Three common sales and marketing mistakes in manufacturing and how to avoid them

Within each industry, individual businesses feel the weight of similar struggles. In manufacturing, some of these struggles arise from common sales and marketing choices that do not benefit the business in today’s market, but actively stagnate or hinder it. Three of these common sales and marketing mistakes revolve around the use of customer relationship management (CRM) solutions—or rather, lack thereof. And, uncoincidentally, these issues can also be solved by utilizing CRMs.

Microsoft Dynamics 365 is a suite of native cloud business solutions, including the ERP Dynamics 365 Business Central and several CRMs—Dynamics 365 Sales, Dynamics 365 Marketing, and Dynamics 365 Customer Service. Their modern interface makes for ease of use, and they seamlessly integrate with each other and other Microsoft products, such as Word, Excel, SharePoint, and more. Because they are hosted on the cloud, these programs are available all the time from anywhere, and with the protective strength of Microsoft’s Azure Active Directory, they are secure no matter where they are accessed.

Little to no focus on sales and marketing

Historically, network-based sales have been the main lead generator for niche manufacturing while marketing has been minimal. This may have worked in the past, but today is the digital age with a much more globalized economy. Clients have many options for manufacturers, and manufacturers are not relegated to local clients. But that’s not all: The average client will want to do business with a company with which they already do business, or whom they are familiar with (brand recognition). But without a strong focus on sales and marketing, current client relationships are not always nurtured, so there’s not as strong of an impetus for clients to remain loyal to a certain manufacturer. Further, unnurtured client relationships leave no room for a manufacturer to understand the needs of their clients, communicate what else they can offer the client, and upsell to bring in even more business from their current customers.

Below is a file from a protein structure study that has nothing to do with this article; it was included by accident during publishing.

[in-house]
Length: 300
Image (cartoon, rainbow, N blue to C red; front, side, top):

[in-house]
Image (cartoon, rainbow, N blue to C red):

Businesses need to leverage the power of marketing, controlled through CRM, to grow and remain competitive with new competition and new potential clients. Proper business to business (B2B) marketing can increase brand awareness, gain new leads, engage leads at the proper times, transform prospects into customers, and upsell when possible. CRM (customer relationship management) systems provide tools for marketing and sales that can aid a business in achieving these B2B goals.

Struggles with efficiency and effective communication

Keeping track of all past client conversations, data, and needs is a tall order. Multiply that tall order by how many clients an employee manages, and now the order is impossible to fill. If a clear, easy-to-use system is not in place to track and organized that data, client information can easily get entered incorrectly, or even lost, between applications and salespeople, lowering customer satisfaction and compromising potential sales. Who wants to repeat themselves and have their information forgotten or lost between meetings with sales teams? Nobody wants to work with a team that is that unprofessional, unprepared. Salespeople will also need to spend time creating reminders to engage with clients, or risk forgetting and neglecting them, further reducing customer satisfaction, loyalty, and increased sales.